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Pituitary Disorders
Advances in Surgery for Pituitary Tumors
Steven N Roper, MD
Edward Shedd Wells Professor of Neurosurgery, University of Florida
Abstract
Recent studies have provided important new information regarding the behavior and surgical management of pituitary tumors. One population study
from Belgium confirmed that incidentalomas are relatively common. Basic researchers found that stem cells continue to contribute cells to the
normal pituitary gland throughout adulthood in mice. A new imaging technique, 3D anisotropy contrast magnetic resonance imaging (MRI), may
improve our ability to predict surgical outcome for adenomas. A study from the University of California, San Francisco (UCSF) showed that radiation
therapy improved the long-term outcome of adenomas after subtotal resection, but not after total resection. Other studies provided additional
information on management of post-operative steroid replacement and cerebrospinal fluid (CSF) fistulae after pituitary surgery. New
recommendations for management of Cushing’s disease were provided by a panel of experts after a meeting in Budapest, Hungary, and surgical
results for Cushing’s disease from a large, single-center experience were published. Overall, these studies highlight the beneficial effects of surgery
for pituitary tumors, as well as addressing challenges that remain.
Keywords
Adenoma, incidentaloma, stem cells, radiation therapy, minimally invasive surgery, peri-operative management, cerebrospinal fluid fistula, diabetes
insipidus, Cushing’s disease, thyroid-stimulating hormone (TSH)
Disclosure: The author has no conflicts of interest to declare.
Acknowledgement: This article was previously published in US Neurology and is reprinted here with full permission. Citation: Roper SN, Advances in Surgery for Pituitary Tumors,
US Neurology, 2008;4(2):36–9.
Received: October 28, 2009 Accepted: June 22, 2009
Correspondence: Steven N Roper, MD, Department of Neurosurgery, University of Florida, 100 South Newell Drive, Room L2-100, Gainesville, FL 32610.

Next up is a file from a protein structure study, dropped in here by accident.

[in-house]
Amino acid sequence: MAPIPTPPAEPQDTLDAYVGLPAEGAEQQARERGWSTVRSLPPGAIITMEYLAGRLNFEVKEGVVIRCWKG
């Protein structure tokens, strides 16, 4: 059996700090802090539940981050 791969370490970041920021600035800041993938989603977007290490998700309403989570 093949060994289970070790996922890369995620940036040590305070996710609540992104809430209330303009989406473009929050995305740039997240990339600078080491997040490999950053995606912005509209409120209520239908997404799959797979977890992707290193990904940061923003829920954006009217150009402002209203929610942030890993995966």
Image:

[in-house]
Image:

E: roper@neurosurgery.ufl.edu
Although benign in nature, pituitary tumors continue to offer many A recent population study from Belgium
5
found a prevalence of clinically
opportunities for improvement in therapy. Goals of treatment include relevant pituitary adenomas of 94 per 100,000. Of this group, 66% were
complete removal or ablation of tumor cells, maintenance of normal prolactinomas, 14.7% were not endocrine-active, 13.2% had acromegaly,
pituitary function, normalization of elevated hormone levels in 5.9% had Cushing’s disease, and 20.6% had hypopituitarism. These same
endocrine-active tumors, and minimizing adverse effects from therapy. authors provided a concise set of recommendations for management of
There have been many recent advances related to the surgical incidentalomas, including initial evaluation and periodic follow-up with
treatment of pituitary tumors and the purpose of this article is to review magnetic resonance imaging (MRI) and endocrine studies.
6
some of the more significant ones.
One recent paper reported new findings on the cellular biology of the
Behavior of Pituitary Tumors normal pituitary gland that may ultimately have implications for
One of the most notable features of pituitary adenomas is their ubiquity tumorigenesis of adenomas.
7
The investigators used a thoughtfully crafted
in population studies compared with the relatively small number of series of transgenic mice that coupled the gene for nestin (a marker of
tumors that actually present with clinical problems. Pituitary adenomas adult stem cells) to a reporter gene (green fluorescent protein). They
have been consistently reported in up to 25% of people in autopsy found that at birth the anterior pituitary gland is composed of cells that
studies dating back to 1936.
1
More recent studies have attempted to were created by embryonic stem cells. However, throughout post-natal
clarify the relative prevalence of ‘incidentalomas’ compared with life, adult stem cells contributed new pituitary cells of all major sub-types
clinically relevant tumors. A meta-analysis performed in 2004
2
found an to the gland. This means that the adult gland represents a mosaic of cells
incidence of 16.7% with autopsies reporting 14.4% and radiologic studies that have similar phenotypes (i.e. lactotrophs, somatotrophs, etc.) but
finding a rate of 22.5%. Prolactinomas represented 25–41% of have very different origins (i.e. embryonic or adult progenitor cells). They
incidentalomas in studies that included immunohistochemical staining.
3,4
also provided preliminary evidence that adult stem cells may be involved
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